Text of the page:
Since the second half of 2008 this country has experienced the first sustained period of deflation in over sixty years. In 2009 the Consumer Price Index (CPI) fell by 4.5 per cent relative to 2008. Not since 1946 had the annual rate of inflation been negative. The record for deflation was in 1931, when the CPI fell by 6.4 per cent.
The accompanying Charts show the behaviour of the CPI and the Harmonised Index of Consumer Prices (HICP) over the past four years. (Am I only the only one to have the patience to enter Charts on this Blog?)
The CPI peaked in September 2008 at 108.4. By January 2010 it had fallen to 100.0, a cumulative fall of 7.7 per cent. The rate of deflation reached a maximum in January 2009, when a month-on-month decrease of 1.7 per cent was recorded. The HICP is less influenced by changes in interest rates, but it followed much the same pattern as the CPI, although varying within a narrower range. The month-on-month HICP deflation rate never exceeded 0.8 per cent, recorded in January and July 2009. It peaked at 110.0 in June 2008 and by January 2010 had fallen to 105.0, a cumulative fall of 4.3 per cent.
The rate of CPI deflation has tended to fall since early 2009 and the HICP since a few months later. By February and March of this year both were showing positive, if very low, rates of inflation (and seasonal patterns are in play). This reversal received little attention because most commentaries on the monthly CSO releases headline the year-on-year changes. Thus even as the monthly rate returned to positive territory in February 2010, the newspapers continued to discuss annual deflation rates in excess of 3 per cent.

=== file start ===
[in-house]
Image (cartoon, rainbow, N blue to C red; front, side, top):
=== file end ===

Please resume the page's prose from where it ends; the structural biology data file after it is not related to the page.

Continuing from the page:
In its latest Quarterly Bulletin (released last week), the Central Bank forecasts annual inflation rates for 2010 of -1.3 (CPI) and -1.1 (HICP). These are year-on-year forecasts and therefore reflect substantial carryover from the record deflation of 2009. If the CPI continued to edge up by 0.1 per cent a month from March to December 2010 – not implausible given that interest rates are on their way up, the euro is falling and oil prices rising – the annual rate of inflation for 2010 would be -1.3 per cent – exactly what the Central Bank forecasts. But by December the price level would be 1.4 per cent higher than it was in January.
This is another illustration of the tendency of Irish economy commentary tends to focus unduly on annual changes, to the neglect of significant indications from quarterly or monthly data, a phenomenon to which Rossa White drew attention in an Irish Times article last week.